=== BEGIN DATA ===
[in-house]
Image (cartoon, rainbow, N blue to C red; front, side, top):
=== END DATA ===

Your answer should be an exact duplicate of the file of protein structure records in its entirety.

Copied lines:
[in-house]
Image (cartoon, rainbow, N blue to C red; front, side, top):